Whether or not such a light-buyer-targeted approach is in fact more cost-effective will depend on the actual cost of targeted vs broadcast advertising, and the relative impact of targeted vs broadcast messages — but as long as there is a possibility that advertising targeted at light buyers can be more efficient than broadcast in increasing penetration we can challenge Sharp on empirical grounds.

The question then becomes more interesting, and less theoretical: for which categories, and for which brands, and under which assumptions about the relative cost and impact of targeted vs broadcast advertising, does it make sense to include targeted advertising into the mix in order to grow the brand? If targeted advertising is sometimes useful for growing a brand, how do we figure out when it is useful? [2]


I have argued that the ‘debate’ about targeting between Sharp and Ritson is based on a failure to separate two contexts in which one might want to talk about targeting. The first context concerns the value of targeting in generating a return in the short term; the other concerns the value of targeting in generating growth over the long term. Once the contexts have been separated, it’s clear that Sharp agrees with Ritson that targeting can work in the short term; and whilst Ritson doesn’t offer any conclusive arguments to support the claim that targeting can work in the long term, there are some reasons to believe that it can.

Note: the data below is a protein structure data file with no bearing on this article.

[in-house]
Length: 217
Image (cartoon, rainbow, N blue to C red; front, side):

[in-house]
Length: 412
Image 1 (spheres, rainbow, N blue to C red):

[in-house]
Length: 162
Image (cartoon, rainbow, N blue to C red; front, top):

[1] It’s fairly clear that he does deny it. For example, “Marketing science clearly states we need to reach all categories of buyers — the value of targeting smaller segments is actually far less effective”

[2] These are hard questions, impractical to answer through experiment or market testing. A more fruitful approach would be to build models of individual categories, parameterised using real market data, that capture both the Ehrenbergian dynamics of the market and the effects of broadcast and targeted advertising in shifting those markets. But that is a topic for another post.

[3] In the same article, Ritson claims that B2B marketing provides a counter-example because here, 80% of the sales come from 20% of the customers. But of course B2B markets are very different because the demands of individual companies are vastly more variable than those of consumers.


Sharp, B (2010) How Brands Grow. OUP.

Romaniuk, J and Sharp, B (2016) How Brands Grow Part 2. OUP.

Sharp, B (2017) AANA: The Science Behind How Brands Grow.

Ritson, M (2016a) Those who bash segmentation and targeting are talking nonsense. *Marketing Week*. (

Ritson, M (2016b) Ditching targeting for mass marketing is going back to the dark ages. *Marketing Week*. (

Vizard, S (2017). Byron Sharp and Mark Ritson to go head-to-head at the Festival of Marketing. *Marketing Week*.]